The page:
Steve Ballmer is imitating his CEO predecessor by suggesting that Apple separate its iPhone hardware from OS X, according to Ars Technica.
Nokia leads the smartphone market today with about a 30 percent share, he said. "If you want to reach more than that, you have to separate the hardware and software in the platform," he said in an discussion forum with the Churchill Club, a Silicon Valley business and technology group.
In 1985, Bill Gates approached Apple (and its then-CEO, John Sculley) with prospects in hand to convince it to license Mac OS to third-party vendors. As we all know, that didn't happen (at least not with Microsoft as a partner), keeping the bond tight between Apple hardware and software. Microsoft wound up doing it themselves with Windows.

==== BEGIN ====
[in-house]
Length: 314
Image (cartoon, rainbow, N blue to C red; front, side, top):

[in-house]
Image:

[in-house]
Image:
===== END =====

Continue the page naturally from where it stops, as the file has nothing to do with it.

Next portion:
The idea that Ballmer thinks other companies should be more like Microsoft isn't shocking at all; in fact, what else was the man supposed to say? Like Jobs with Apple, Ballmer's talks and interviews wield a great deal of influence on Microsoft's stock price. If he said anything other than what he did, MSFT would have taken a hit. As CEO, that's unconscionable.